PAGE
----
For the 2009-2011 period:
- Revenue Growth Rate: 11.4%
- EPS Growth Rate: 22.3%
- Dividend Growth Rate: 12.2%
- Current Dividend Yield: 3.58%
- Balance Sheet: Significant debt, but very stable
Based on the past growth rate and the long-term growth estimates provided by company management, I calculate that the stock is fairly valued at the current price in the mid-$80s. Due to the diversified and defensive nature of the business, and compared to the value of the markets as a whole, I believe the stock currently represents a decent buy.
The company's history stretches back into the 1800s, but Philip Morris International (NYSE: PM) is fairly new as an independent publicly traded company. The business was spun off from what is now called Altria (MO) in 2008, to focus on international growth and expansion. PM uses Altria's brands, and is based in the U.S., but does 100% of its business outside of the U.S.
With 78,000 employees and 56 manufacturing facilities, the company operates 7 of the top 15 global cigarette brands, including the number one brand Marlboro. Its top ten brands by volume are Marlboro, L&M, Fortune, Bond Street, Parliament, Philip Morris, Chesterfield, Sampoerna, Lark, and Dji Sam Soe. According to the company, Marlboro has been the top global cigarette brand for 40 years, and it sold over 300 billion Marlboro cigarettes in 2011, which exceeds the next two largest international cigarette brands combined. Overall, the number of cigarettes sold by Philip Morris International per year is approaching 1 trillion.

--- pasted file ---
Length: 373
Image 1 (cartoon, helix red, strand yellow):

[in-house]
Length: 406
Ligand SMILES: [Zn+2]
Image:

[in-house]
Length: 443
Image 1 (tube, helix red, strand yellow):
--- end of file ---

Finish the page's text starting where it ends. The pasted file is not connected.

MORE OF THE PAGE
In 2011, Philip Morris International reported $9.2 billion in net revenue from the European Union, $7.9 billion in net revenue from the Middle East, $10.7 billion in net revenue from Asia, and $3.3 billion in net revenue from Latin America and Canada. Revenue and income increased in 2011 compared to 2010 for all four of these geographic segments, with Asia leading the pack in terms of growth. Volume, however, has been more mixed. All of the geographic segments besides Asia saw mild declines in volume in 2011 compared to two years ago in 2009, while Asia has seen large volume increases. Total volume is mildly up.
Price to Earnings: 17
Price to Free Cash Flow: 16
Price to Book: very high*
Return on Equity: very high*
*due to near-zero equity
Revenue and Free Cash Flow
I prefer to review and provide a longer operating history, but the first full year for the company as an independently publicly traded business was in 2009. Over this two year period, Philip Morris International has grown revenue at an annualized 11.4% pace, which based on their large size, should be lower than this over a longer period. The company targets 4-6% long-term annual revenue growth, according to a recent presentation. Excise taxes, which total over $40 billion annually, are not included in the revenue chart because those represent an artificial price increase that goes to governments and are not representative of true profit margins and other ratios.